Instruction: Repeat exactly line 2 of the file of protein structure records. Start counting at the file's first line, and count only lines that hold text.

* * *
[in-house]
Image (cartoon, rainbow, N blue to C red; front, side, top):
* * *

Image (cartoon, rainbow, N blue to C red; front, side, top):